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Waiting for rats September 11th, 2016 by

People usually have a good reason for ignoring free advice.

So when Tumpale Pindani, my Malawian colleague, asked me “How long will it take before the people in Malawi accept conservation agriculture,” I could tell that it had already been a long slog, even though I couldn’t answer her question. After all, conservation agriculture has worthy aims, such as improving soil fertility and halting erosion. Conservation agriculture includes many practices, such as minimum tillage, cover crops, and straw mulch. Most of these are old practices, widely used somewhere in the world, although none are used on farms worldwide. Some farmers have competing goals, besides soil conservation.

alefa-kakawoTumpale and I were visiting a field in Malingunde, in Central Malawi where Alefa had harvested groundnuts and was about to plant maize. So Alefa was rotating crops, which is one component of conservation agriculture. Alefa asked us how she could improve soil fertility, and Tumpale recommended composted manure, another component. Alefa listened with interest.

On the way back to the car Tumpale stopped and asked me to look at a boy sitting on the ground in a dry field. Most of the ground was bare, except for some spots where the few remaining maize stalks had been piled up, ready to burn. “Do you know what he is doing?” Tumpale asked.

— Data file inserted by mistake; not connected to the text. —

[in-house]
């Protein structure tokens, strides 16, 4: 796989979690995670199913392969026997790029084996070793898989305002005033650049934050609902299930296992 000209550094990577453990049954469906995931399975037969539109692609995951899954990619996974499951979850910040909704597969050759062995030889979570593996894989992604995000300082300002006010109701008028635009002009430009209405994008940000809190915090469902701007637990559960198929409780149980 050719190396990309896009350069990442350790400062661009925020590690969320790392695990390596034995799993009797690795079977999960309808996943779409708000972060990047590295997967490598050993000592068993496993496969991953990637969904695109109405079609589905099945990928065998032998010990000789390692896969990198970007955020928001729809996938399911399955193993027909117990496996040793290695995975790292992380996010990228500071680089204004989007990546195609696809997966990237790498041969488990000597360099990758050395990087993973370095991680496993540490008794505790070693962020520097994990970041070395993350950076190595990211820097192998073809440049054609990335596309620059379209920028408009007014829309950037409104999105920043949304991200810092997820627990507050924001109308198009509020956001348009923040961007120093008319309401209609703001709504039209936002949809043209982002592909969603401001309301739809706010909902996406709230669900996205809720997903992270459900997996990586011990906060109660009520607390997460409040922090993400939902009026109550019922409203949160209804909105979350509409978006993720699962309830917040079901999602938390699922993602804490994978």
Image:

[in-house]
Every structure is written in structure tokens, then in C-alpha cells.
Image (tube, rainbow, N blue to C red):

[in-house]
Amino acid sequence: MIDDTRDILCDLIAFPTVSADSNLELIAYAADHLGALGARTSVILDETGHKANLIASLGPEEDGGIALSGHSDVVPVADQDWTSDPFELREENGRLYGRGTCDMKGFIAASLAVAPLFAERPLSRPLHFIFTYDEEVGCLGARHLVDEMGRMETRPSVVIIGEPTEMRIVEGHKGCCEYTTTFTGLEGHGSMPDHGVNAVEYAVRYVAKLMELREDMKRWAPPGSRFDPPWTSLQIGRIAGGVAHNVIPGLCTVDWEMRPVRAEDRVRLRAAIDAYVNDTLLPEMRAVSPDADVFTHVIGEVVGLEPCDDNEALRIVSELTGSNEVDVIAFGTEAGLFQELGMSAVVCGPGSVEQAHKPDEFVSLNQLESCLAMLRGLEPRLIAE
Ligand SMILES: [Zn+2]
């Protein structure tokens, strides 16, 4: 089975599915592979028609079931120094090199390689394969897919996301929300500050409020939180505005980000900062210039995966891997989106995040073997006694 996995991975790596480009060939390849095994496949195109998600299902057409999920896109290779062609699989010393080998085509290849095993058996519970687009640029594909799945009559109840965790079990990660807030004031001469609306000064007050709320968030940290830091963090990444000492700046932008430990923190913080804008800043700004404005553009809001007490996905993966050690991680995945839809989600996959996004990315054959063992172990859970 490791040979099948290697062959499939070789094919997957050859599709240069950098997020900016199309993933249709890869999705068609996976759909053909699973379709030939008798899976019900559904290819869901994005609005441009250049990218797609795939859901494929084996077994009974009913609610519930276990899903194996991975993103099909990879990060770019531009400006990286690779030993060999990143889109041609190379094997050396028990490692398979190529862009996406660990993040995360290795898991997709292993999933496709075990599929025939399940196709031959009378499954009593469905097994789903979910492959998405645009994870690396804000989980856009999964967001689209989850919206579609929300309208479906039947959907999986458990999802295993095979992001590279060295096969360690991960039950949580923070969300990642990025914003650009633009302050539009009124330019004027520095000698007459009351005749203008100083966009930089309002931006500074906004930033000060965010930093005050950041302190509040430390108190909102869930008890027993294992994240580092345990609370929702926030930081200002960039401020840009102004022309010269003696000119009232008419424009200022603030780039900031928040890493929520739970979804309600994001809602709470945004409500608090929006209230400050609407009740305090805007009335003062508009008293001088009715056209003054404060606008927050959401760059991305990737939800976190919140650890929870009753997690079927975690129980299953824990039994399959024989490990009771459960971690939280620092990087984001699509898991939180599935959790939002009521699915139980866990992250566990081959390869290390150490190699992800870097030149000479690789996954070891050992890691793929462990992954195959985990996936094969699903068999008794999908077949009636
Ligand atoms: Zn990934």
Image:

kid-in-bare-fieldIt didn’t look like he was doing anything, just sitting there, toying with a short-handled hoe.

“He’s waiting for rats,” Tumpale explained.

The dry season is driest right at the end. And that is when older children look for rat holes. The kids pile up maize stalks where the rats like to hide, and burn the stalks, creating a clear, wide open field of bare earth and ash. There is nowhere for a rodent to hide.

Then the boys dig up the rat holes, and when the rats run out, the boys club them with the hoe, and take their prey home to eat.

It’s not as terrible as it sounds. I’ve had rat three times this year so far, twice in Uganda and once in Nigeria. Rat is a treat, especially if grilled on an open fire.

One conservation agriculture practice is to leave crop stubble in the field, where it slowly decomposes, protecting and enriching the soil. It’s a sensible recommendation. But people aren’t following this suggestion, at least not in Malingunde. During the scorching dry season there is not much else for cattle to eat, so after harvesting the maize, people take the corn stalks home, and feed the leaves to their animals. Women burn the bare stalks as fuel, for cooking. In this part of Malawi crop residues are more valuable at home than in the field.

Stalks that are not gleaned during the dry season may eventually be burned to clear the ground for gourmet rat hunting. Conservation agriculture is marketed as a package, or a brand, but that doesn’t mean that all recommended practices will be adopted. Some will have to take second place to existing needs, like the search for tasty rats.

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